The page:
Under Pressure: Philippine Construction Provokes a Paramilitary Response

February 6, 2019  |  AMTI BRIEF

Under Pressure: Philippine Construction Provokes a Paramilitary Response

On February 4, Philippine defense secretary Delfin Lorenzana announced that construction of a new beaching ramp at Thitu Island would be completed in early 2019. Thitu is the largest of the nine features occupied by the Philippines in the Spratlys Islands and is home to about 100 civilians along with a small military garrison. The ramp, which was originally scheduled for completion in 2018, will facilitate the delivery of construction equipment and materials to the island for further planned upgrades, especially to its crumbling runway. AMTI previously tracked the start of repair work on the runway in May 2018, but that appears to have been halted while the beaching ramp is completed. Continue reading “Under Pressure: Philippine Construction Provokes a Paramilitary Response”

Vietnam Expands Another Outpost

Vietnam continues modest expansions to its outposts in the Spratly Islands, most recently on Ladd Reef. Satellite imagery from March and June shows that Hanoi has dredged a new channel, which did not exist in older photos, and is expanding one of its two facilities (the other is a small lighthouse to the west) at the feature.

Continue reading “Vietnam Expands Another Outpost”

Why China is building islands in the South China Sea

Vox_Since 2014, China has been building islands in the middle of the South China Sea. What were once underwater reefs are now sandy islands complete with airfields, roads, buildings, and missile systems. In less than two years, China has turned seven reefs into seven military bases in the South China Sea, one of the most contentious bodies of water in the world.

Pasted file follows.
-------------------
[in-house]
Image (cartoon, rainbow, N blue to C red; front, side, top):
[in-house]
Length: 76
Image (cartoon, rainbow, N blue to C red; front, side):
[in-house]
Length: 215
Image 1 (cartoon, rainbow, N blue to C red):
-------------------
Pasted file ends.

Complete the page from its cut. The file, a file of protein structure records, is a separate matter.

The sea is one of the most important areas of ocean in the world. It’s estimated to hold 11 billion barrels of oil, 109 trillion cubic feet of natural gas, and 10 percent of the world’s fisheries. Most importantly, 30 percent of the world’s shipping trade flows through the South China Sea to the busy ports of Southeast Asia. It’s an incredibly important strategic area, and five countries currently claim some part of it.

Most countries base their claims off the

href=””>United Nations Law of the Seas, which says a country’s territory extends 200 miles off its shores, an area called the exclusive economic zone, or EEZ. Any trade or resources that fall in a country’s EEZ belong to that country; they’re its sovereign territory. Any area that is not in an EEZ is considered international waters and subject to UN maritime law, meaning it’s shared by everyone. Every country in the region, which includes Malaysia, the Philippines, Brunei, and Vietnam, bases its claim to the South China Sea on the UN’s EEZ laws — except China.

China argues it has a historical claim to the South China Sea, dating back to naval expeditions in the 15th century. After World War II, the Japanese Empire lost control of the South China Sea, and China took advantage of the moment to reclaim it. On maps, it started drawing a dashed line that encompassed most of the South China Sea. This line became its official claim and is known today as the Nine-Dash Line, because it always has nine dashes. In 1973, when the UN law established EEZs, China reaffirmed its Nine-Dash Line, refusing to clarify the line’s boundaries and rejecting other countries’ claims.

Since then, tensions have built around who rightfully owns the South China Sea. The dispute has centered on the Spratly Islands, an archipelago at the heart of the South China Sea. Currently, China, Malaysia, the Philippines, and Vietnam claim some part of the Spratly Island chain. They’ve asserted their claims by putting small buildings, ports, and even some people on what are essentially rocks in the middle of the ocean.

But the Spratlys are very important, because whichever country can successfully claim them can extend its EEZ to include them, thus gaining miles of precious sovereign territory. This is why China began building up islands in 2014. By turning these rocks into military bases, the Chinese are now able to support hundreds of ships, bolstering their presence in the region. They are using fishing boats, surveillance ships, and navy destroyers to set up blockades around other countries’ islands and defend their own. This is all done very cautiously and in small steps in order to avoid sparking a wider conflict.